There are women who wait at the door until you arrive like you said you would. Women who stand at the screen with their elbows poking in at the wire like original tuning knobs made of fossilized walrus bone. There are women who wait at the door until your car rolls up in the yard, the engine cut, the headlights shut, the driver’s door cracking the air into two slices of brown bread. There are women who are known to stare from one pecan tree to another, all along the front walk, until the wobbly threshold is filled with the sound and the dirt of the shoes, of the one who left the war he was in to go fight a war he was not. There are women who arrive at the door early and stay later than anyone could dream in order to see who they have to see, first. Women who would rather be flunked or fired than miss the arrival of the one they have not seen, since the last time they saw her, without a baby in her arms, without a monkey on his back, without one dark piece of hammer hair crawling up his cheek like a new man. Ever & Present. She stands and waits at a woman’s specific tall attention, at the door with no peephole glass, waiting to say with her whole woman’s body: There is nothing more important than your arrival at my door, on this day, in this line of sight, at this hour, in this hot rain or midnight hour of sleet, in this moonshine, at this quicksilver ticking breath of regular stove clock and there is nothing you need to have in your arms and nothing you need say. Just fall here or step in. There are women who wait by the door like they were born by the door, like standing by the door and waiting in the frame of the door for a car light to pull in the yard is the only job they have ever had. These women shift from one foot to the other, lean on and into the dimpled wood of the front door never looking behind them to break the organ music of their waiting. They never move away from the door not even when the rooster and the hens start to squawk and move loud and frantic in the pen. They will not be distracted by the possibility of any backyard impending doom. They know the back door is not the front door where the number to the house wobbles every time the dimpled wood there opens and closes because that one missing nail is still missing. There are women who wait by the door who will not move from their waiting threshold and refuse to lend a hand, or an eye, to anything that is about to be slaughtered or lost back behind them—because the very reason they are at the front door, the very promise of what woke them up this morning, will any minute now appear in the future perfect, just like they always said they would, and that will make them, for the first time in a long time, slap the front of their velvet thighs because not one thing about the one who is finally standing there will have had to blow the horn or knock.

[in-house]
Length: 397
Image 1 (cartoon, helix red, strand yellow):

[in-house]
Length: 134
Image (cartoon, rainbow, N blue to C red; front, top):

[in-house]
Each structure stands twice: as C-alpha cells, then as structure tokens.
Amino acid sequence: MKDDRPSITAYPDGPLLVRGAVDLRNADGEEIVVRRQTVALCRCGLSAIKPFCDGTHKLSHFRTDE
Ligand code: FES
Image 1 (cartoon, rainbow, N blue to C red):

Copyright © 2020 by Nikky Finney. Published 2020 by TriQuarterly Books/Northwestern University Press. All rights reserved.